Rachael is an almost-native San Franciscan who began exploring Judaism around 10 years ago. Her journey led her to finding a spiritual home at Congregation Sha’ar Zahav where she has had the joy to study with amazing rabbis, friends and students. She has just had a child and is excited about this newest twist in her spiritual life.

IB of JVoices: What does it mean to you to be Jewish?

Rachael: I guess its a little different for me since as an adult I chose to be Jewish, and I feel like it’s a choice that I reaffirm often. Becoming Jewish for me means choosing to believe in something outside of my own self and my own self interest – it means not just trying to accept a concept of god, but also to accept my relationship to and within a community. It means taking tz’dakah and tshuvah personally – I have a commitment and responsibility to the wholeness of the world that I didn’t necessarily feel or accept before. And there is the fun stuff – the studying and debating and becoming a part of a long long long tradition of study and debate, the singing & praying and perhaps best of all the eating.

IB: What makes you feel connected to other Jews?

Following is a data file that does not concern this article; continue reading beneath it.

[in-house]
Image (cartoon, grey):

Sha’ar Zahav is the community where I “came into” my Judaism. A lot of my connection came from the welcome I felt at CSZ – initially attending services, then studying there through the adult ed programs and then being involved on some committees. Now I am living in Massachussetts and I am feeling a bit at ends – but I am tethered to a Jewish community now via my wife, our son and her family who have vigorously embraced me. On shabbat when we have dinner with her brother or her parents and we say the blessings I know my “family” will be gathering in SF in a few hours at Sha’ar Zahav and saying the exact same words in blessing.

IB: What makes you feel disconnected from other Jews?

Rachael: The Israel debates.

IB: What kind of Jewish community do you have, and what kind of Jewish community do you desire?

Rachael: Now that I have a kid I think a lot more of how to raise him to have a positive sense of his Jewish self. I’d like to have a family that observes a shabbat ritual, I’d like him to feel a sense of community & belonging that includes a sense of responsibility to the world/community also. I hope he loves learning and takes on the privilege of study and debate that I enjoy so much. I want him to know that there is a purpose and sense to life, and to know what it feels like to walk humbly with ones concept of god.